At Tigers GM Dave Dombrowski's urging, the Yankees and Tigers completed the trade straight up, contract-for-contract. Cashman said that Yankees ownership approved the addition of Rodriguez's salary for the remainder of the 2008 season, potentially making Rodriguez a two-month rental as the club vows to gun for the postseason.
Posada will continue to be viewed as the Yankees' catcher moving forward, having signed a four-year, $52.4 million contract before this season. Rodriguez is due only the remainder of the $13 million option year Detroit picked up for 2008, making his future in pinstripes somewhat less certain.
"It just kind of matched," Cashman said. "They had a need in the bullpen, and we had this need behind home plate. It has nothing to do with going into next year. It has to do with next year and taking chances. This year, this is what we're doing."
New York had also shown interest in a variety of starting pitchers as Thursday's Deadline drew closer, most notably the Mariners' Jarrod Washburn, who was shopped heavily leading up to the cutoff point.
While the Yankees viewed Washburn as a piece that could potentially upgrade the back end of their rotation over Sidney Ponson and Darrell Rasner, the price appeared to be prohibitive.
New York would have been responsible to pay the remainder of Washburn's $9.85 million salary for 2008, while also picking up the entire sum of $10.35 million due to the left-hander for the 2009 season.
Seattle also insisted upon a quality prospect in a Washburn trade, turning off the Yankees, who also checked in on the Reds' Bronson Arroyo before Cincinnati pulled him off the block.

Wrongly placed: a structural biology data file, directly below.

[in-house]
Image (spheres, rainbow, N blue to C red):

"There were things that I was not comfortable with," Cashman said. "It's a seller's market."
Instead, Cashman completed a smaller transaction in the late evening hours on Wednesday, shipping reliever LaTroy Hawkins and cash considerations to the Astros for Minor League infielder Matt Cusick.
"We're going with what we have and what's coming in the system," Cashman said. "It's just a tough market to operate through. Finding matches that worked for everybody involved seemed to be impossible."
Though nothing is imminent, the Yankees are not necessarily done upgrading just because Thursday's Deadline has passed. Trades can still be completed from this point forward, provided that all players included in a deal pass through waivers.
In recent years, the Yankees have found few opportunities to take advantage of August trading, finding their deals of little to no impact on the pennant race. Their most recent such trade was in 2005, when outfielder Matt Lawton was acquired from the Cubs for Minor League right-hander Justin Berg.
The Yankees also made two August trades in 2003, acquiring Jeff Nelson from the Mariners for Armando Benitez in a swap of right-handed relievers and dealing left-hander Sterling Hitchcock to the Cardinals for a pair of Minor Leaguers.
"It's hard to predict," Cashman said. "That's why you try to do your business now, when it's nice and clean. You don't know what the available market is going forward from here."